I don’t know why we have to have loud music everywhere. Companies are being wrongly persuaded by suppliers of these soundtracks that music makes people spend more or linger in shops longer. I think there’s evidence that proves this is contrary. Personally I do my shopping as quickly as possible & walk out of shops, particularly supermarkets, with blaring music. I know M&S introduced music but quickly turned it off after numerous customer complaints.
The Christmas period is purgatory and the staff have my sympathy.
In the days when people can choose to hear their music of choice through earphones from their phone or music player, why is the rest of the population forced to listen to music they do not enjoy and at an unbearable volume?

Member

For those fed up with TV noise scientists at Lancaster University have perfected a system that allows any object , including your cat to become a remote control. Selecting the pointer of your choice ( no remote ) like your cat you can adjust the volume its called the Matchpoint system.

Member
Michael Martin says:
4 October 2017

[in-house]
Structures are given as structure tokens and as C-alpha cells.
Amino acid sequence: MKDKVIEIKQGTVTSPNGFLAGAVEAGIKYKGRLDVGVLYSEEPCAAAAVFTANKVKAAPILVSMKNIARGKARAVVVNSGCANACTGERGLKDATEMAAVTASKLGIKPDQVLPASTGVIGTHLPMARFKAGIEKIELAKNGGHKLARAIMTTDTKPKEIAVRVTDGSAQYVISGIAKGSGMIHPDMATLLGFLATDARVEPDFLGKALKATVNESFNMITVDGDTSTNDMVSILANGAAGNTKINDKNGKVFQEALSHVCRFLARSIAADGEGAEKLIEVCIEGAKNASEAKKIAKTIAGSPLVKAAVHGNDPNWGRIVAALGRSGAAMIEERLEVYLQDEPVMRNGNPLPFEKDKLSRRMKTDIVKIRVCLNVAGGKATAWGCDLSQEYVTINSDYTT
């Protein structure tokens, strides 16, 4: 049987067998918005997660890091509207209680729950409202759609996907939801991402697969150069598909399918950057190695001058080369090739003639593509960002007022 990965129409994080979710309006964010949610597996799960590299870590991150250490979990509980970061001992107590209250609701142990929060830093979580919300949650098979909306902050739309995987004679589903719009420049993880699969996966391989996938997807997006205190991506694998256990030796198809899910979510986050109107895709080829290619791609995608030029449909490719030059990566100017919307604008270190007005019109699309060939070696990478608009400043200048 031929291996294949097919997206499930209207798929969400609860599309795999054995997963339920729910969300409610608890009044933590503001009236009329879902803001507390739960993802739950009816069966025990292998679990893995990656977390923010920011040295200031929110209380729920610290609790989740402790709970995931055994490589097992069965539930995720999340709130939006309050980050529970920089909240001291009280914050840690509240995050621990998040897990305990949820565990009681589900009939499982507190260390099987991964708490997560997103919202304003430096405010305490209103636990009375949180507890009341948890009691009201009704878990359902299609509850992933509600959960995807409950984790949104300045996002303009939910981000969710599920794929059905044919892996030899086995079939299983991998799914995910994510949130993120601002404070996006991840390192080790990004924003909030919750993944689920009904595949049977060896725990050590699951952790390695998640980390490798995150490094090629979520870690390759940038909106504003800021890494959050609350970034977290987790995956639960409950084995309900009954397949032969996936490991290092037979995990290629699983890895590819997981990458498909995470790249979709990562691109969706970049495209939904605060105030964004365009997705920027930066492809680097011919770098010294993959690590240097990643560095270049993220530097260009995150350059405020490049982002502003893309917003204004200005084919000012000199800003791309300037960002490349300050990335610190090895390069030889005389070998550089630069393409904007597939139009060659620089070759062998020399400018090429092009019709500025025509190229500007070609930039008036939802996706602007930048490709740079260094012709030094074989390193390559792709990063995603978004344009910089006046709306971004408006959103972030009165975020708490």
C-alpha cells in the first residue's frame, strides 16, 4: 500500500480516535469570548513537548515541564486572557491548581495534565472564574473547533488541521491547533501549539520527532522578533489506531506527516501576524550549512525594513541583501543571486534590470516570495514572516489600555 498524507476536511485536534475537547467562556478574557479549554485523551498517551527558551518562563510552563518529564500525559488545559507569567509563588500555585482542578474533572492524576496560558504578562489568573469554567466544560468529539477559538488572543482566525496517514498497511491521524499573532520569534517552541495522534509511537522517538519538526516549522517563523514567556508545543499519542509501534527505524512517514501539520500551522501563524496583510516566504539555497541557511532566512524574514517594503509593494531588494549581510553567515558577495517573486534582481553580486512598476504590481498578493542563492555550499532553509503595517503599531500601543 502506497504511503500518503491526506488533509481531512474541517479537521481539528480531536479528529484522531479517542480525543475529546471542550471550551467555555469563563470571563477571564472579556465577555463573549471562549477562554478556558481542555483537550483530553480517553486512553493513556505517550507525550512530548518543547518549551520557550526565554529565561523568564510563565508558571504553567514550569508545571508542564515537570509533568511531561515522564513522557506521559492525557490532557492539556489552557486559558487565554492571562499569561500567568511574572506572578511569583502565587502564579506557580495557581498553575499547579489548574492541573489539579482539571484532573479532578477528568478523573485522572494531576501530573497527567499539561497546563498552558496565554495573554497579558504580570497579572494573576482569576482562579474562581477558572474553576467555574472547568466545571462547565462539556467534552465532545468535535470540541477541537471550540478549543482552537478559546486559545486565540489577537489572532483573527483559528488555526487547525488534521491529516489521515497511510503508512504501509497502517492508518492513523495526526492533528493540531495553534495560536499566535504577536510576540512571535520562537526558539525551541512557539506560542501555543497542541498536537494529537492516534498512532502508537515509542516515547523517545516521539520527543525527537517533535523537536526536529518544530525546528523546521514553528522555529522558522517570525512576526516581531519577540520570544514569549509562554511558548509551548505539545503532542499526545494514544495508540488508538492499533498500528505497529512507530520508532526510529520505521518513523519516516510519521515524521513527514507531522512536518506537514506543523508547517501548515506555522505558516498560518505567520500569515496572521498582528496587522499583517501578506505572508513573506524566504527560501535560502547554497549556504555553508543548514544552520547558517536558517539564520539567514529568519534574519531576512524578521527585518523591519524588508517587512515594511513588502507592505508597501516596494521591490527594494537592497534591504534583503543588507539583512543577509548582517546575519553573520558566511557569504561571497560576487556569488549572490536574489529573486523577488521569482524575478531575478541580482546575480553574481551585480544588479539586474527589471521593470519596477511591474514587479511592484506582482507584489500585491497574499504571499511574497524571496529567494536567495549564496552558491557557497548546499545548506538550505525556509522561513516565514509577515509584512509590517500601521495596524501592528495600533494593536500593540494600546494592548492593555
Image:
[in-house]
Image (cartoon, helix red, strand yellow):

I agree. Cinema volume is deleteriously loud.

On the rare occasions that I go to the cinema these days, it’s usually to watch NTLive performances of plays at the National Theatre and similar venues: even for these, the volume is too high. I don’t think that is likely to be due to the imposition of distributors!

I think the trend in increased volume may have come about because of the obsession with sound effects these days, which is probably spurred on by the gaming fraternity. Effects seems to have become more important to some cinema goers than the storyline or dialogue, and perhaps distributors are concerned that we will miss them if we’re not blown out of our seat by them! Or is it just out of concern that we hear everything over the sound of others’ incessant talking and rustling of their crisp and sweet packets?!

I support the suggestion of a Which? campaign; and I’m grateful to Christopher Gillett for drawing my attention to Pipedown.org.UK.